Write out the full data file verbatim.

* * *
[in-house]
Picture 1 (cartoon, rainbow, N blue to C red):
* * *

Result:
[in-house]
Picture 1 (cartoon, rainbow, N blue to C red):